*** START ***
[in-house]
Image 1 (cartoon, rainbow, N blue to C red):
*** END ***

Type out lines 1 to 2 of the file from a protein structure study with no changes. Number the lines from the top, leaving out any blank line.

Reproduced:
[in-house]
Image 1 (cartoon, rainbow, N blue to C red):